Creativity and Listening

listening and creativityEveryone seems to agree that listening is important.

On Amazon you’ll find loads of books about it. And the web is overflowing with sites and articles about listening. There are 21-step programs. 13-step programs. 9-step programs. 6-, 5- and even a 4-step program (for those aspiring listeners, I assume, who are pressed for time).Some promote “anthropological listening.” Others write about the “Zen” of listening. For some listening is “sacred art.” For others it’s all about “skills and technique.”

There sure is a lot of talk about listening.

But in our contemporary world there doesn’t seem to be much listening going on. Which is really no surprise, considering how noisy life’s become. Add to that the clamor that naturally goes on inside our heads as conscious human beings, and listening becomes a near impossibility.

I can’t listen to you because I can’t hear you.

So, at the risk of swelling the cacophony, let me add some thoughts of my own about listening, how it’s related to creativity and how engaging in creative work can make you better at it.

It might be good to start with how I define listening, or at least offer up my ideal of what listening could be. There are those who speak about active listening, but for me listening is a state of absolute receptivity.

When you’re really listening, you don’t expect anything and you don’t want anything. If you’re listening to a person, for example, you simply take in what they’re saying:  the timbre of their voice, the rhythm of their speech, their inflection. Sure, a great deal amount of mental activity is required to rationally understand what’s being said, but this, ideally, should be happening in the in background. That little voice inside us should not be commenting upon or judging what you’re hearing. There will be time for that later, when you recall what you’ve listened to and have the chance to speak about it and be listened to yourself.

This state of receptivity also applies to listening to music, and even to the visual world.  Broadly speaking, we can listen to a painting or a photograph in the same way we listen to a symphony. We can take it in, initially at least, without going on and on about it inside our own minds.  (Try it for yourself:  next time you’re in front of a painting, rather than look at it, try to listen to it. Changing your approach will significantly alter your experience.)

Put simply, listening is about temporarily relinquishing control.

I’ve come to this by reflecting upon what made me such an inadequate listener for so long.See, I wasn’t born a listener. I was born a talker. From the time I was a kid, I could easily express what I was thinking, and I liked doing it. This had its benefits. It impressed people. It could also be entertaining.  And it made me feel smart. But, as you can imagine, it had huge drawbacks. I wouldn’t let others get a word in edgewise. I interrupted. I could be, well, overbearing.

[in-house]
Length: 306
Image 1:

Looking back on it, I realize what was driving all this was a need to be in control of the situation, and the way I exerted control was by filling up the space between others and myself with the sound of my own voice.

Now, I won’t go into whatever underlying reasons might have motivated this behavior. I’ll let the psychologists and sociologists ponder that one. What I do know, however, is that over-talking and under-listening appear to be pretty common traits.

And I’m glad to say that over the years this urge to dominate the discussion has lessened significantly, to the point where it hardly exists at all. I’ve learned to listen. Better yet, I’ve learned to enjoy listening. And I’ve reaped enormous benefits, both professionally and personally. Perhaps this is just a result of getting older.

But I think it also has a lot to do with the time I’ve spent doing creative work. I would venture to say that engaging in creative work is possibly the best way for us to learn how to listen, because one side of the creative process is very much about relinquishing control, about being receptive, about, as I said above,  not wanting anything. This is how we generate or accumulate the material from which we ultimately make something that has form, utility and meaning.

Listening is also critical to the other side of the creative process, the one in which you give form to, or extract it from, the material you’ve generated. This is the stage when we sort, filter, accept and reject. It’s also the stage where we most often get blocked.

One of the reasons for this is that we’re trying to impose an order on the material, and it’s just not listening. When this happens I tell myself:  “relax, just know your material and the answer will reveal itself.” It might sound a little mystical, but it works.

Other artists and craftsman describe their technique in similar terms. Some say that they let the material “speak” to them. Legendary photographer Henri Cartier-Bresson claimed that “I don’t take pictures, the pictures take me.”

What we learn from the creative process is that giving up control, momentarily at least, is a necessary path to success. Creative work gives us a chance to practice the art of simply taking things in without succumbing to the urge to dominate them. It’s a laboratory of sorts, a safe setting where you can experience a mindset that for so many of us, if not all of us, is totally unnatural.

Better yet, the lessons you learn from the creative process can yield enormous rewards in all areas of your life: at the workplace, in your business dealings and your relationships overall. It may even be a way for you to discover an oasis of peace within our clamorous modern life. It’s certainly helped me, and I’m sure it will help you.

Thanks for listening.


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